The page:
The motivation behind his adventure appears ambiguous. “It changes every day. Most recent is I just turned 30 so I’m saying to myself this is the last chance I can go out and do something as I’m not getting any younger. I’ve always wanted to do this. Travelling to the antipodal point has always been the thing.”

With a keen desire to have something to show for himself, it is apparent that for Thomas this is a very personal ordeal. When asked how he thinks it will affect him as a person, he contemplates for a second before answering, “It is inevitable that it will change me somewhat but I don’t know yet whether it will change me for the better or for the worse.” As the interview draws to a close, we come to a stop and I thank him for his time, already glad that in a few minutes I will be inside and beginning to get warm after what was a bitterly cold morning. However, for Thomas, this is only the beginning, and as I bid him farewell, he turns and begins to walk the long road, alone.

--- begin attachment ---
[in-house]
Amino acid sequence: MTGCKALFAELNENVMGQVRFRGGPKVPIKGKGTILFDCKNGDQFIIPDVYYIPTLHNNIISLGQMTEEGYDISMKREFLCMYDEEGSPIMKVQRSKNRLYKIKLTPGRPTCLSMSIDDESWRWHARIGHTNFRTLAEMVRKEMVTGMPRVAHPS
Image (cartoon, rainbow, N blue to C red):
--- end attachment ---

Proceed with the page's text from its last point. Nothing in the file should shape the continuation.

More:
For more information, or to sponsor James, you can visit his website here.

Taken from The Student, published Tue Jan 31st 2012.

Classic Cult: Silent

With The Artist already receiving huge critical acclaim despite the awards season having only just begun, it seems appropriate to look back at some of the most influential silent films that have recently received a surge of interest.

The early shorts that emerged during cinemas infancy are extraordinarily insightful, and, despite technical limitations, illustrate incredible ingenuity and artistic skill. Georges Méliès’ La Voyage dans la Lune which features the iconic image of a spaceship landing in the eye of the moon, was recently alluded to in Martin Scorsese’s Hugo and remains a must see for anyone with an interest in cinematic history. Spanish director Luis Buñuel’s surrealist film Un Chien Andalou is another short that has received cult status. Presenting a series of tenuous scenes that attempt to depict dream logic in narrative flow, its haunting representation of a woman’s eye being sliced in half has become famous.